If an employee is not covered by a modern award, or if an enterprise agreement does not apply to them, they must earn less than the high income threshold which is currently $167,500.

A deed of release, also sometimes referred to as a “separation deed”, “deed of settlement” or “release agreement”, is usually an agreement between an employer and employee to settle all claims arising out of the employment.

They are often used when there has been a breakdown in the employment relationship and the parties wish to record an agreement to end the employment on agreed terms, or to settle a claim made by the employee in a court or tribunal. 

A deed of release contains lasting obligations that can sometimes impact the rest of your professional career. When drafted by an employer, they can also contain terms that are deliberately more favourable to the employer. If a particular provision is overlooked or is poorly drafted, it can cause significant reputational damage and can potentially restrain your conduct for many years to come.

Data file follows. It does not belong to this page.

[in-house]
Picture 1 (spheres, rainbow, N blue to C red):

An experienced employment lawyer will be able to advise you on the terms, negotiating amendments and options available to you if you do not wish to sign the release agreement.

A confidentiality agreement, also known as a non-disclosure agreement (NDA) is a legal agreement commonly used to protect sensitive information, trade secrets, or proprietary data shared between parties. The party or parties signing the agreement agree to terms and conditions under which confidential information can be shared and used.

Depending on the circumstances, these obligations can be documented in either:

  • A free-standing confidentiality agreement, or
  • A clauses within an agreement